By Staff | July 17, 2008 | Last updated on July 17, 2008
3 min read
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(July 17, 2008) Reports of the housing market’s demise may have been premature. According to a new survey conducted by Royal LePage Real Estate Services, housing prices are actually expected to increase by 3.5% by the end of the year.

The survey says Halifax will be the strongest market, with the value of a standard two-story house already increasing by 19.7% over Q2 last year. Still, the survey admits that the rise in housing prices won’t be as great as it was in 2007.

“Pent-up demand is satisfied and some buyers retreat to the sidelines in the face of increasing economic uncertainty,” says a Royal LePage release.

Besides those in Halifax, most of Canada’s home values fared well in the second quarter, with Saskatoon, Regina, Winnipeg and Saint John among the cities that boasted double-digit percentage changes.

The worst-performing cities in the second quarter were Calgary and Edmonton, which saw a 6% and 12.4% drop in standard two-story house prices, respectively.

“Canada’s resale housing market proved resilient in the second quarter. In fact, we have been pleasantly surprised that strong fundamentals, such as enduringly positive employment numbers and reasonable mortgage rates, have countered increasingly pessimistic consumer sentiment, based primarily on the American housing recession,” says Phil Soper, Royal LePage’s president.

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Canadian purchasing power rising: C.D. Howe

(July 17, 2008) Despite all the doom and gloom news about our economy, a new report says Canadians’ real incomes and purchasing power have actually risen.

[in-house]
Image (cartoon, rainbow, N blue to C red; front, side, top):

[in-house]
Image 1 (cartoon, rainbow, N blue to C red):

In a C.D. Howe study titled “Richer Than We Think: Why Canadians’ Purchasing Power Is Up While Economic Growth Is Down,” policy analyst Colin Busby writes that the country has been helped by falling import and robust export prices.

He says the global demand for oil and gas meant historically high export prices, which have only benefited Canadian purchasing power.

Using a measure called “command GDP,” an income measure that gives a rough approximation of the purchasing power increase generated by expensive exports and cheap imports, Busby found that real incomes have grown faster than real GDP.

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Ex-Olympian joins Wellington West

(July 17, 2008) Sometimes a company can use a little star power to boost its profile — in this case Wellington West has hired Marc Albert, the captain of Canada’s 1992 Olympic volleyball team.

Albert will become Wellington’s executive vice-president and COO. He’ll be responsible for the business’s daily operations.

“Marc will be instrumental in helping us continue to build an excellent platform for growth across our financial planning network,” says Wade Lawrence, president of Wellington West.

Previously, Albert worked at Investors Group as vice-president of the company’s Atlantic region.

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CIBC World Markets adopts new management system

(July 17, 2008) CIBC World Markets revealed Thursday that it has upgraded its trading system thanks to the inter-listed Canadian algorithms on the Charles River Investment Management System order management system.

The company is the first Canadian dealer to use the system.

Martin Piszel, CIBC’s managing director of alternative execution services, says the new network will speed up the deployment process and “allow us to make front-end changes that provide mutual clients with instant access to our algorithmic suite.”

(07/17/08) staff


The staff of have been covering news for financial advisors since 1998.